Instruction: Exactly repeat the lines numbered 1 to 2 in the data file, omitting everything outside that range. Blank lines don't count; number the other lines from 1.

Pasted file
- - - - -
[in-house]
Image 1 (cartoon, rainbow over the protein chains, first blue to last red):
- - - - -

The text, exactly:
[in-house]
Image 1 (cartoon, rainbow over the protein chains, first blue to last red):